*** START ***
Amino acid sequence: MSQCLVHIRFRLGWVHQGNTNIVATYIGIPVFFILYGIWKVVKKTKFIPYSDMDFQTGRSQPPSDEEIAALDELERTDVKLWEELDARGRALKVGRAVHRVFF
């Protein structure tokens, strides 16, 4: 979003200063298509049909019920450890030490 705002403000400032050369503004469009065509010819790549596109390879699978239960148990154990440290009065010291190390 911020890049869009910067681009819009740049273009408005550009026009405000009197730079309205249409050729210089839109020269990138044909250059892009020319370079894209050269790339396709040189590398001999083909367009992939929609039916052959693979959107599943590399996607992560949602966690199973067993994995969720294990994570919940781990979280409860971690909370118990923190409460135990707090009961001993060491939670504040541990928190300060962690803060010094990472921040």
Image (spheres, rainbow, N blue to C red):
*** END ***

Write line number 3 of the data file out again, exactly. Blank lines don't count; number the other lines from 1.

Image (spheres, rainbow, N blue to C red):